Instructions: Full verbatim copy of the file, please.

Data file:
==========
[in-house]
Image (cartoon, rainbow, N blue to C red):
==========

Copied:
[in-house]
Image (cartoon, rainbow, N blue to C red):